Fitness and health 20.8.2016 07:20 am

Scientists make major genetic breakthrough

Image courtesy stock.xchnge (svilen001)

Image courtesy stock.xchnge (svilen001)

Diving deep into the human gene pool, a 100-strong team of researchers two years ago built a library of more than 10 million variants in exomes.

Scientists on Wednesday unveiled patterns in the largest catalogue of human genetic variation yet assembled, highlighting mutations mistakenly blamed for causing rare diseases and others that may play an unexpected role in ill health.

Diving deep into the human gene pool, a 100-strong team of researchers two years ago built a library of more than 10 million variants in exomes. These are a small part of the human genome, accounting for no more than 2% of DNA, but are crucially important.

Exomes consist of the coding portions of genes – the stretches of DNA that express proteins, the basic building blocks of the human body and its functions. Flaws can have a cascade effect, leading to disease.

A study, published in the journal Nature, is the first analysis of the database – and confirms a rich potential for pinpointing inherited causes of disease. The new resource “is invaluable”, said senior author Daniel MacArthur, co-director of medical and population genetics at the Broad Institute of MIT and Harvard.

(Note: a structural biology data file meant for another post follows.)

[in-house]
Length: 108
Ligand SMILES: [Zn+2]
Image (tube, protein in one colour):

“It gives us the ability to discover rare variants and offers an unparalleled window into the roots of rare genetic diseases.” Most genetic variations – people each have tens of thousands – are benign.

But without a near-complete library of the possible permutations of human DNA, it is very hard for scientists, or doctors treating patients, to pick out the harmful ones and link them to specific conditions. The Exome Aggregation Consortium database, compiled from dozens of previous studies, seeks to fill this gap. It includes detailed profiles of the protein-coding genes from more than 60 000 people.

“The goal was to create a dataset that could be used as a reference for the variation present in the general population,” MacArthur said. “Physicians can look up a genetic variation found in their patients and understand how common it is.”

 

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